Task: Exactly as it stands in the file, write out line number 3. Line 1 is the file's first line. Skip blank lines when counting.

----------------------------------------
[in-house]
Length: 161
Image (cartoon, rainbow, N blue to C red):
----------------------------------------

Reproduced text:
Image (cartoon, rainbow, N blue to C red):